Eoarchean Era

In the geologic record the Eoarchean (/ˌiːoʊ.ɑrˈkiːən/; also spelled Eoarchaean) Era or erathem is the earliest time following the solidification of Earth’s crust. It follows the Hadean and precedes the Paleoarchean Era of the geologic timescale. The approximate abiotic origins of life (abiogenesis) have been dated to a time window from 4,000 to 3,600 million years ago when atmospheric pressure values ranged from ca. 100 to 10 bar.


It was formerly officially unnamed and usually referred to as the first part of the Early Archean (now an obsolete name) together with the later Paleoarchean Era.

The International Commission on Stratigraphy now officially recognizes the Eoarchean Era as the first part of the Archaean Eon, preceded by the Hadean Eon, during which the Earth is believed to be essentially molten.

The International Commission on Stratigraphy currently does not recognize the lower boundary of the era which has been provisionally placed at 4,000 million years ago nor that of the preceding Hadean Eon.

The Eoarchean was followed by the Paleoarchean Era.

The name comes from two Greek words: eos (dawn) and archaios (ancient). The first supercontinent Vaalbara appeared around the end of this period around 3,600 million years ago.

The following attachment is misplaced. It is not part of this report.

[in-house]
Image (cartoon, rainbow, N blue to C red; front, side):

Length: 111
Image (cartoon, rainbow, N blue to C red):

A characteristic of the Eoarchean is that Earth possessed a firm crust for the first time. However, this crust may have been incomplete at many sites and areas of lava may have existed at the surface. The beginning of the Eoarchean is characterized by heavy asteroid bombardment within the inner solar system: the Late Heavy Bombardment. The Eoarchean is the first phase of our planet from which solid rock formations survived. The largest is the Isua Greenstone Belt at the south-west coast of Greenland. It appeared during the Eoarchean around 3.8 billion years ago. The Acasta Gneiss within the Canadian Shield have been dated to be 4,030 Ma and are therefore the oldest preserved rock formations. In 2008 another rock formation was discovered in the Nuvvuagittuq greenstone belt in northern Québec in Canada which has been dated to be 4,280 million years ago. These formations are presently under intense investigation.
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